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Nothing lasted very long in Lamoine … or Arup.

Unless you want to talk about the schoolhouse.

It’s still standing after 100 years.

Long after Arup was platted.

Long after Arup became Lamoine.

And long after Lamoine became deserted when the railroad took a pass on the little town.

lamoine schoolhouse

Lamoine was an “excellent trading point just north of Waterville” and boasted of several stores and a blacksmith shop, wrote Honor L. Wilhelm in The Coast, a monthly magazine dedicated to news in Washington State.

“It is surrounded by a magnificent country, and a fine crop of wheat has rewarded the efforts of the farmers this year. The place has a daily mail by stage, with free mail delivery along the stage line.”

Sounds like home

Arup, according to Wikipedia, was platted and filed on November 20, 1905, by an immigrant farmer named Nels P. Nelson, who born in a little town called Aarup in Denmark.

Nels settled the area, hoping the railroad would run through and his little town would experience a boon.

Alas, it was not to be.

The menfolk met in Spokane to plan the route from the River City into the Big Bend, necessitating almost 100 miles of track, the jobs to get it down and the rich economy that would flow through the area with the railway. No question, the railroad was a big deal for the local economy, but towns in the outlying areas were forced to beg for their share of the spoils.

The Waterville Press, quoted in the January 30, 1906, edition of the Spokane Chronicle, wrote that representatives from St. Andrews, Meld, Jenn and Leahy traveled to Spokane to meet with the builders.

“Now the proper thing to do is for Waterville, Douglas, Farmer, Arup, Buckingham, Dyer and all the country benefited to get together and send representatives to meet with them and see what can be done to get them in here,” the Press’s editorial team pleaded.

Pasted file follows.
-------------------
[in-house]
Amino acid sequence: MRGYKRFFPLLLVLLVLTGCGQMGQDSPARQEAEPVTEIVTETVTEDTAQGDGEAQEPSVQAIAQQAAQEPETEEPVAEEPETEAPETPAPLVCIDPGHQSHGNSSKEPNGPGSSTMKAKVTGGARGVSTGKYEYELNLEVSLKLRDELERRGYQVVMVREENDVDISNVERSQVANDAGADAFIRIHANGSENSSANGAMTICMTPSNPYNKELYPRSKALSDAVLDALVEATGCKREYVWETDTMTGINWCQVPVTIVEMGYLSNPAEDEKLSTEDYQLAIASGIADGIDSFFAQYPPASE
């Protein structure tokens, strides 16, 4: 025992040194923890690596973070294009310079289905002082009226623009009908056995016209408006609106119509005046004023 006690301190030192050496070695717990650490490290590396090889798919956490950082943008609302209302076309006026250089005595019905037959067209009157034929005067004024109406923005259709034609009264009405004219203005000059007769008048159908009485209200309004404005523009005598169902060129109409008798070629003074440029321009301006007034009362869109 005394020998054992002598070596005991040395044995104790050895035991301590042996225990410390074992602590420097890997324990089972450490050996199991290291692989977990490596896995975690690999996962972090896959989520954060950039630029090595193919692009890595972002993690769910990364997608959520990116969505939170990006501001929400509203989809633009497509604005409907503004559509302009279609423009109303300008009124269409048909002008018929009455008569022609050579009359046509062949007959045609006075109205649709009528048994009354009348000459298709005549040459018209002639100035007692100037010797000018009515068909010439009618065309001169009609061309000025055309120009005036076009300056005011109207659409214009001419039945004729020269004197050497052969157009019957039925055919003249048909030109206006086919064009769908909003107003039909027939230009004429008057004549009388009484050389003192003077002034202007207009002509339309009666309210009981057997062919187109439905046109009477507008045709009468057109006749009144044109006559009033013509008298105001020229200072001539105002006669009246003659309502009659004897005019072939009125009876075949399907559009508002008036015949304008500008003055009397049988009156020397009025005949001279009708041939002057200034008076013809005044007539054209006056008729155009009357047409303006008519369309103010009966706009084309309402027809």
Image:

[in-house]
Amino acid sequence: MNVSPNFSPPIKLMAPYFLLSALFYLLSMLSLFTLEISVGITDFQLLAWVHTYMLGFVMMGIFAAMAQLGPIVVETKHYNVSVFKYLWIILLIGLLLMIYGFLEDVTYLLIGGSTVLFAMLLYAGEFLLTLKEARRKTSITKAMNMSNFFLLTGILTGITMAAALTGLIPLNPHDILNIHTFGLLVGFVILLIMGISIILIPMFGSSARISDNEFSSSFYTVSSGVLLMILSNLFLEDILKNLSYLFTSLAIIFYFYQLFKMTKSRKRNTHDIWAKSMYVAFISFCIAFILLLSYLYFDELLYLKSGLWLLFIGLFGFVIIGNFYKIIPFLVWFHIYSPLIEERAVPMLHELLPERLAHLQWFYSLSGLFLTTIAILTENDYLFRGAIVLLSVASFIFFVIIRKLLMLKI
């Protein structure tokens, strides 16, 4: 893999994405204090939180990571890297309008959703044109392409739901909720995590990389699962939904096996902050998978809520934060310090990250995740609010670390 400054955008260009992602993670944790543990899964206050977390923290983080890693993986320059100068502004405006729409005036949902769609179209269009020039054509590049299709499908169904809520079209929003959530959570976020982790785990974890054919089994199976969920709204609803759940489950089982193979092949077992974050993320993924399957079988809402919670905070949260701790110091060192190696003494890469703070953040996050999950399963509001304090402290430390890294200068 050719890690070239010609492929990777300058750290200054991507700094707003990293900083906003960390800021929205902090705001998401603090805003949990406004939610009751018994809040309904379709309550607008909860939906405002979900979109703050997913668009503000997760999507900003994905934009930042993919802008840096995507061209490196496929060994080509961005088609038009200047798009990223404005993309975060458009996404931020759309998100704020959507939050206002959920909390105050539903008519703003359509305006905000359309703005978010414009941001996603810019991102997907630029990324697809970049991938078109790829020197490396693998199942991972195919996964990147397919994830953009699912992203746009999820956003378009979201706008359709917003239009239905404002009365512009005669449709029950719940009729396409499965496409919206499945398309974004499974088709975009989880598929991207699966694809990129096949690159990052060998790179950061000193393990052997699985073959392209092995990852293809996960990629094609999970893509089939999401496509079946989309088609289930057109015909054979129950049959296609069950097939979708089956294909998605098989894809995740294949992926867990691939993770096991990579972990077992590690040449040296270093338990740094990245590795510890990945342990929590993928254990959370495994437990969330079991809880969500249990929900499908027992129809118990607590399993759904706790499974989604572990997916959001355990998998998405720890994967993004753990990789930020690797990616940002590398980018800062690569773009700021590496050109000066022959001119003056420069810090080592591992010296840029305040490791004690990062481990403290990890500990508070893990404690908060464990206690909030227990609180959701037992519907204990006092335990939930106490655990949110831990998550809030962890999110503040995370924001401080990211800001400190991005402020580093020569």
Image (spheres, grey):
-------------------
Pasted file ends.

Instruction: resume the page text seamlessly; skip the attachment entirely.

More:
“As soon as they reach St. Andrews it would be plain sailing to swing around the head of the coulee, catch all the points mentioned and reach Waterville.”

The Great Northern Railway bypassed the little town, however, and built through Withrow.

Arup disappeared from historical records some time between 1906 and 1909, says Wikipedia, and the name “Lamoine” pops up.

Something smells fishy

The little town did get itself a post office, dance hall, hardware store, blacksmith shop, feed store and — crack the bat! — a baseball team.

Nothing about that is abnormal.

The name change is.

When the townfolk were discussing the town in the general store, reported W.H. Murray, the publisher of the Withrow Banner, they latched onto a new name by happenstance.

A man named Bragg reached to the shelf and took down a can of sardines labelled “Lamoine” asking: “What is the matter with that as a name for the town?

What indeed?

The suggestion was approved.

But when the railway officials decided in 1909 to bypass Arup/Lamoine, the post office closed.

One hundred years later, it’s ranchland and all that remains is the well preserved schoolhouse.

Not a cloud in the sky

A snowstorm threatened to strike all weekend long.

Bella and I spent a couple nights in Oroville with a friend and, after driving through a blistering Rocky Mountain blizzard one month earlier, we were not looking forward to another white-knuckle route home.

We woke up to nothing more than a skiff (as we call a couple of inches in Newfoundland) but I made the executive decision to bypass Disautel Pass, south of Omak.

We busted down the 97 and headed for Brewster. It struck me then to pull my Washington State atlas out of the seat pocket and make the side trip worth it.

This was my first trip to the Lamoine schoolhouse and the snow was deep and glistening in the morning sun.

There was no trudging through the deep drifts to get closer, though, so I jumped back in the truck, bound for return trips to Highland Road and Govan, which never disappoint.

Here’s a little gallery of the trip, complete with one thrilled Maremma sheepdog rolling around in the snow:

Guardian of the Columbia